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American Passages: A Literary SurveyUnit IndexAmerican Passages Home
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5. Masculine Heroes   

14. Becoming Visible

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Activities: Author Activities

Bernard Malamud - Author Questions

Back Back to Bernard Malamud Activities
  1. Comprehension: In what ways does Salzman in "The Magic Barrel" almost seem magical himself? Where does Malamud allude to Salzman's magical qualities? Why might Malamud want to include a sense of "magic" in this tale?

  2. Comprehension: Why doesn't Malamud use a first-person narrator in "The Magic Barrel," as Roth does in "Defender of the Faith" and as Paley does in "A Conversation with My Father"? What are the advantages of an omniscient teller for this particular story?

  3. Comprehension: Malamud was sometimes accused of sentimentalizing the ethnic experience in America. Is "The Magic Barrel" sentimental? What elements of the story complicate any answer to this question?

  4. Context: Like Roth's "Defender of the Faith," Malamud's "The Magic Barrel" gives us a glimpse of a society in transition and of an individual quarreling with the traditional values that support his social identity. Compare the endings of the stories: what remains uncertain for both of the protagonists?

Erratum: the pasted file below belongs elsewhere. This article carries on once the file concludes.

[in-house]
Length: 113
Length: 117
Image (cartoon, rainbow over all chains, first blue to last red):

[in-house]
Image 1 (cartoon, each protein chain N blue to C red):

5. Exploration: Read aloud a sampling of the dialogue in "The Magic Barrel." What is your impression of its cadences, its sound? Are we listening to a conversation in American English? In translated Yiddish? Are we hearing voices in transition, as well as a tale of social values and personal identity? How can you tell?

  6. Exploration: Several times, Malamud reminds readers of the long-standing suffering associated with being Jewish. Where does this suffering come from, historically and culturally, and why does it continue to exist? Why would this sense of cultural suffering be reinforced, especially after World War II?

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